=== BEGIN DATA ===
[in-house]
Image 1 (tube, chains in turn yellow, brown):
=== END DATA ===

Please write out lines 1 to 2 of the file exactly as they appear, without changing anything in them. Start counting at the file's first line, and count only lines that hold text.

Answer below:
[in-house]
Image 1 (tube, chains in turn yellow, brown):